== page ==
4. I think Kevan Gosper has his job because the IOC has been exposed as greedy, venal and corrupt with little concern for human rights.

    Whether any boycott will achieve anything is long debated. But one thing it surely does is draw attention to situation.

  5. There is no doubt or confusion about Chinese terrible human rights records although there is a lot of confusion about how to handle Chinese ‘factor’. Under Mao Tse-Tung and his cultural revolution, millions and millions of people were killed but the West was not troubled much, then. I remember I was visiting London at the time and was utterly surprised at the number of “Great Leap’ supporters.When the ‘one child’ policy was introduced many Australians were trying to explain me ( I was new to the country then) that the policy is good because of the overpopulated China. There were numerous reports about forced abortions in late pregnancies. We thought there are too many people in China, anyway.
    I haven’t seen many protesters in Paris criticising the French government for their gulags in Algier. Neither would San Francisco inhabitants worry so much about Guantanamo or human rights for millions of Iraqi refugees.
    When Mr. Spielberg decided to spit the dummy (he should have never taken up the job, in the first place) Crikey reminded its readers that the same film guru was a great friend of Fidel Castro and a staunch supporter of the invasion of Iraq.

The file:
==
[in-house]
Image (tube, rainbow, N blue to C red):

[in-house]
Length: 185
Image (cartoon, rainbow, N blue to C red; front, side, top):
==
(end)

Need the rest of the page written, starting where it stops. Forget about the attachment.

Now, when the whole focus of the Olympics has shifted from very important human rights issues to virtually bickering between the Olympic Committee and many ‘concerned’members of the comunity, Olivia Newton-Jones is happily walking down the Chinese Wall promoting cancer research. It beats me.

  6. If our problem is with the Chinese government, why should we worry where people like Olivia Newton John walk to raise money? Surely it’s irrelevant.

    As to Paris, I can’t confirm that there haven’t been protests about Algiers. And I think you’ll find a significant portion of San Fransiscans oppose their government re Iraq and Guantanamo.

    But as has been noted in other threads, there are (and always will be) elements of hypocrisy when it comes to human rights, but that shouldn’t stop us trying to do what is right.

  7. I think it is the feeling of anger that drives people to protest China. When I first saw the following footage of Chinese soldiers killing Tibetan pilgrims, I got mad.
    http://www.youtube.com/watch?v=BkMcj4vQtRU

    No one can be perfect and let’s protest China and stop the killing before we accuse others for not being perfect.

  8. I thought human rights are universal and not for the selected few and I still do not think the human rights should be the subject to trends, fashions and mood swings.
    The Great Wall of China would be an ideal place to demonstrate our support for Tibetans.
    No, there haven’t been violent demonstrations in Paris against Algiers and they haven’t been violent demonstrations in San Francisco against any war. I am sure our media would let us know if they were.

  9. The Dalai Lama is to return home and the Tibetan people set free. What we are viewing is the beginning of this movement. What Mr. Gosper feels about it is irrelevant.